“To add insult to injury, after the O’Fallon City Council investigated the situation, they decided to keep the police chief and get rid of Riesberg instead.”

The Tea Party story also stated that its IPRA request regarding e-mails is being reviewed. The city is reviewing the emails requested and has 15 days to respond.

Two members of the Rio Rancho Governing Body at the time Riesberg was hired told that they were not made aware of Riesberg’s departure from Missouri by the search firm employed by the city to assist in the candidate search for city manager.

Here are two links regarding Riesberg in Missouri:

Thursday, July 14, 2016
Board declines action on charter
for Native American students


The Rio Rancho school board declined to take any action on a possible charter school for Native American students on Monday night, meaning the final disposition of the issue won’t come until next month.

Board members and Superintendent Sue Cleveland seemed supportive of the idea, but expressed concerns that the financially-strapped district might be responsible for transportation and cafeteria services, among other items.

Outside of the meeting later, Ray Begay, a former state legislator and primary architect of the plan for the charter school, said he would not be seeking any money from the district.

Charter schools can be supported either by the state or local school districts. Begay is hoping to become a charter in the Rio Rancho district, noting that state-sponsored chargers often find themselves in competition with the local district.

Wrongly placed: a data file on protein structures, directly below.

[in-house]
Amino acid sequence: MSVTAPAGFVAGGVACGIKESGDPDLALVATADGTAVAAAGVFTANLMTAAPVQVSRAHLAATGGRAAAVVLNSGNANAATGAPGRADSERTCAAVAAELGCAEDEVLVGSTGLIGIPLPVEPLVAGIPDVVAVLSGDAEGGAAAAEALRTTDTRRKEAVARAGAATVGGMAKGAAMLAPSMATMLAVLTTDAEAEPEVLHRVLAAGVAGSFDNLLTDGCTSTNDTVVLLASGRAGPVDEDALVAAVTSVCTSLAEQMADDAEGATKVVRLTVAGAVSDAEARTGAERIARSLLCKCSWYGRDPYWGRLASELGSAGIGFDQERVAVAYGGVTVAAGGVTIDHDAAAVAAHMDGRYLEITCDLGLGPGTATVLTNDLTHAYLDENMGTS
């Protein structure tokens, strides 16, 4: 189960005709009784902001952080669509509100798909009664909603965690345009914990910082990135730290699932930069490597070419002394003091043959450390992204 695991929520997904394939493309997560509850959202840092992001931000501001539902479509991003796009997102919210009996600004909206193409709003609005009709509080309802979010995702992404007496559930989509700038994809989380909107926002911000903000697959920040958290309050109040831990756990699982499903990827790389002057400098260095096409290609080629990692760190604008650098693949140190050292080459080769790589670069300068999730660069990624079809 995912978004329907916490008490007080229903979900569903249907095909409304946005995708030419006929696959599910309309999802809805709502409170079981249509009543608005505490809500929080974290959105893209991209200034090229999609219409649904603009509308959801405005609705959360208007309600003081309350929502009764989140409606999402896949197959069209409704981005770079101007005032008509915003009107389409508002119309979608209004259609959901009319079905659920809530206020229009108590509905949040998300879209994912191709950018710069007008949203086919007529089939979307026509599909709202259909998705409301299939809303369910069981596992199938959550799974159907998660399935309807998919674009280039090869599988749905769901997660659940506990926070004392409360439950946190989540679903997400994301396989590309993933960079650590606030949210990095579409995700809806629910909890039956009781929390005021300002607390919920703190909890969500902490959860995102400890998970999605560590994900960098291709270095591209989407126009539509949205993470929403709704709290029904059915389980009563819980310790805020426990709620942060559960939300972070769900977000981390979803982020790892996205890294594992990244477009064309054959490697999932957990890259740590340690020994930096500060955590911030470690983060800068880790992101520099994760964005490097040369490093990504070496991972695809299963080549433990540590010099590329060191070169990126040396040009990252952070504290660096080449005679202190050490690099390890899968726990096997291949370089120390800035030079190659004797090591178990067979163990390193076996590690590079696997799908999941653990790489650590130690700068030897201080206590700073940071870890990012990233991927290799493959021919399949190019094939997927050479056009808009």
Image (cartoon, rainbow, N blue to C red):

By failing to take a vote, the board in essence tabled the matter for another month.

Begay’s plans call for grades 9-12 for the first two years of the school, expanding to 7-12 in the future.  Budget figures he shared with call for 125 students in the first year with a budget of $876,572, expanding to $1.9 million for 600 students in five years.

Begay said he has been in negotiations with a local restaurant to provide food service for the school initially and that he estimated 70 percent of the students would be transported from area pueblos by family.

He also said he is in negotiations for a building in the northern part of the city, giving closer access to neighboring pueblos.

Sandoval County Commission chairman Darryl Madalena and former county commissioner Orlando Lucero spoke on behalf of the proposal.

In other business the board:

*Designated the superintendent and board president Don Schlichte (who was out of town) to act on its behalf regarding the district’s attempt to obtain Category 2 E-rate funding from the federal government. The district faces a tight window in of about 48 hours to open and accept bids and complete its application before the federal deadline at midnight on July 21. The district is entering an agreement with the city’s libraries to utilize the service. As a result, the district will be able $600,000 in equipment for less than $100,000.

*Discussed and approved projects for the Aug. 30 bond issue election.

*Approved four change orders to existing projects.

*Awarded the bid for construction of Phase 3 of the district office to Platinum Builders, which submitted the lowest bid among nine companies at $354,528.09.

The board’s next meeting is Aug. 15.

Thursday, July 14, 2016

SCORE publisher returns after kidney transplant

The publisher of returned to work this week, less than two weeks after her received a kidney transplant.

Eric Maddy, 54, was diagnosed with end stage renal failure 5½ years ago and began dialysis two years later. He qualified for the transplant list at the University of New Mexico hospital in Albuquerque two months after that.